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Dear Boss penned in an American hand?

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  • #16
    Id be very interested in the difference between US and UK English but can't see anything that indicates American in these letterd


    • #17
      Originally posted by Sam Flynn View Post
      I recently refreshed my memory of this letter to the Evening News on Oct 8th 1888:

      "Sir - I have been considered somewhat of an expert in handwriting, and having carefully examined the facsimile of the letter you published a couple of days ago, signed Jack the Ripper, have no hesitation in saying that it bears every evidence of being American - what is known in the States as the Spenserian [sic.] style - the capitals especially bear out this idea..."

      Intrigued, I looked up Spencerian Handwriting on Wikipedia, where it's expllained that the style was widely adopted in America for use on formal documents, before the invention of the typewriter. The Wikipedia page gives an example of the Spencerian style, a snippet of which I attach below:

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      Here's an excerpt from "Dear Boss" for comparison:

      Click image for larger version

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      Although Dear Boss is obviously not quite as "copper-plate" as the formal letter, I can see where the correspondent to the Daily News was coming from.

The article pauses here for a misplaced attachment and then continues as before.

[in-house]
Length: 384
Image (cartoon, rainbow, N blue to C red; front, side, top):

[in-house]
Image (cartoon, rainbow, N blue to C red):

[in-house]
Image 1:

hi Sam
      thanks for posting this. whereas I don't see that much similarity of dear boss style to this...the spencerian example you provided reminds a lot about burys handwriting style.


      • #18
        Originally posted by Sam Flynn View Post
        I don't recall the Spencerian style of handwriting, and its prevalence in the USA, being brought up previously. Indeed, it was because I'd only just noticed (after all these years!) the reference to the "Spenserian" hand in the letter cited above that I started this thread.
        Found this in another thread about the Dear Boss letter:

        Originally posted by Hunter View Post
        In the way it was used in the letter, 'buckled' was American slang meaning that someone's opponent is closing in on them; just like a belt buckle is the connecting devive that holds a belt or strap around something.


        • #19
          I always thought "buckled" referred to being handcuffed. I could be wrong though.